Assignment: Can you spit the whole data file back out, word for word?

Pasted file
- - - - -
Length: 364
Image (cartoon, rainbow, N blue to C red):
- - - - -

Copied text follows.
Length: 364
Image (cartoon, rainbow, N blue to C red):